I'm an English teacher so I know all about narrative writing and how to teach it to kids. It's an engaging form of writing because, ever since we were little, we love having a story told to us. Narrative gives us the chance to see life through someone else's eyes. But we don't usually think about the narrative that is going on in our heads 24-7. It's basically the story we create for ourselves about ourselves. And if you are like me, that narrative is mostly negative. A meditation teacher at a retreat once dubbed this self-narrative "selfing". When we are not directly engaged in an activity that siphons all our awareness into one task, we go into what my colleague Patrick calls the Default Mode Network and this screensaver in our heads is mostly selfing, not flying toasters (GenX joke).
Try this: When you get a break in your day, have a seat, close your eyes, and just begin to notice how many times you have a thought about yourself. No need to keep track. My guess is that most of your thoughts will be selfing, stories your mind is telling you about yourself. No, please don't feel guilty about this; it is completely human to think about ourselves because we are designed to want to keep living. One of the stories we have deeply engrained in our psyche is that we must always check in on our survival status. What's ironic is the narratives about ourselves, mostly negative in nature, cause ourselves suffering when that is, in fact, what we are trying desperately to avoid.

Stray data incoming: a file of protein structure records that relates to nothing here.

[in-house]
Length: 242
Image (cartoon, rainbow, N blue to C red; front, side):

In your meditation practice, one way to become more aware of your inner-narrative is to just ask yourself "What stories am I telling myself about myself right now?" and "How are these stories affecting me physically? Emotionally?" Lastly, and probably most importantly, ask yourself "Are these stories TRUE?"